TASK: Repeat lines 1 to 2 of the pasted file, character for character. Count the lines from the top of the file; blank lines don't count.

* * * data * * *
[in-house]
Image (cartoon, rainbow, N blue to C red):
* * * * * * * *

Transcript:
[in-house]
Image (cartoon, rainbow, N blue to C red):